Tag Archives: identity

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Micro-Project 04: Media Addiction

Adopting a persona is the name of the game for this project, as all of us attempted to create a constant interactive virtual dialogue through the use of the Twitter platform. The #ossntu hashtag helped in unifying all of our tweets in one big stream. The final form reads like a script from a play, with characters either choosing to contribute to an idea at hand or butting in and aggressively attempting to divert the conversation to something else.

I decided to adopt the persona of a poet, and exaggerate my online persona through the use of excessive rhyming (a sort of poor man’s poetry if you will) by attempting to respond to most tweets in this manner. I saw this persona as another extension of my social persona, and something which I was interested in exploring through this micro-theater project.

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Looks like @whalebiologist_ hasn’t quite left seriousville just yet. Maybe he/she was having a bad day with…citations? (DUH!) Just from the tone in the tweet, one could infer that @whalebiologist_ was someone who probably enjoyed having control and who religiously abides by the “it’s my way or the highway” code of conduct. Perhaps that explains why nobody gave him/her the citations he/she was looking for.

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tweet_06An emoticon with hashtags used as mini sentences to express oneself.

Especially on the Internet, choice of words can play a big difference in how others perceive someone via the virtual self. Things like sarcasm and jokes are harder to detect online in such conversations unless they are punctuated with hastags, like #jking or #kidding, just to name a few. Emoticons also play a big part in this, helping to convey emotions online effectively. Even so, nothing quite beats having a face to face conversation with someone or with a group of friends. With that in mind, having a virtual conversation with a stranger or an acquaintance could be the first step to establish a connection in real-life later on.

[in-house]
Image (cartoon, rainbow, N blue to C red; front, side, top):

Click here to read more about how people get addicted to their online personas!

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The Virtual Identity in Second Life: “You vent, You release, You repeat”

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Source: www.impawards.com

“Life 2.0” sheds light on a group of individuals who closely identify themselves with their virtual avatars. While Second Life might seem like any ordinary social game on the surface, it ends up meaning so much more for these everyday people.

The action-reaction relationship works both ways, where their actions in the virtual world could at times result in reactive effects in the real world. An example of this can be best seen in one of the individuals shown in the film who goes by the name “Ayya Aabye” in Second Life. What is unique about this particular example, is how the individual (a guy) adopts a female persona in the virtual world as way of trying to “explore another side of himself”. This persona becomes a virtual outlet for his fantasy and emotions, while his symbiotic relationship with his virtual avatar grows even stronger.